TOPIC 3: MARXISM
· For Marxists, crime is inevitable in capitalism because capitalism is criminogenic- by its very nature it causes crime.
· Poverty may mean that crime is the only way the working class can survive.
· Relative Deprivation means crime may be the only way they can obtain the consumer goods encouraged by capitalist advertising, resulting in theft.
· Alienation and lack of control over their lives may lead to frustration and aggression, resulting in non-utilitarian crimes such as violence.
· Crime is not confined to the working class. The need to win at all costs or go out of business, along with the desire of self-enrichment, encourages capitalists to commit white collar and corporate crime e.g. tax evasion.
Snider: 'Corporation Crime'
· Snider argues that corporation crime is the most serious crime in modern industrial countries. She showed this by carrying out research and found out that street crime in the USA cost $4 billion to fix whereas corporation crime cost $80 billion to fix.
· She also argues that the state wants to attract and protect investment, hence that is why they fail to regulate with laws such as health and safety in the workplace.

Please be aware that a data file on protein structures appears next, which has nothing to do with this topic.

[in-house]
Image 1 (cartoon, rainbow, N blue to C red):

· Finally she argues that there is little prosecution of corporation crime due to it being costly and there being little chance of success.
Gordon: 'Law Enforcement'
· Gordon argues, crime is a rational response to the capitalist system and hence it is found in all social classes- even though the official statistics make it appear to be largely working-class phenomenon. Why?
1. Economic infrastructure influences social relationships, values (max profit and wealth).
2. Economic self-interest above collective wellbeing.
3. Competition encourages individual achievement at expense of others e.g. aggression.
How does law enforcement support capitalism?
· By punishing the w/c, blaming them and drawing attention away from the 'system'.
· Imprisoning the w/c neutralises opposition 'legitimately'.
· Defining criminals as enemies of the state justifies to keep them hidden- if made public they could question the whole 'system'.
The state and law making:
· Marxists see law making and law enforcement as only serving the interests of the capitalist class e.g. Chambliss argues that laws to protect private property are the cornerstone of the economy.
· Chambliss illustrates this with the case of the introduction of English law into Britain's East African colonies. The British introduced a tax payable in cash to force the African population to work for them. Since cash to pay the tax could only be earned by working on the plantations, the law served the economic interests of the capitalist plantation owners.
· The ruling class also have the power to prevent the introduction of laws that would threaten their interests e.g. there are few laws that challenge the unequal distribution of wealth.
· Snider argues that the capitalist state is…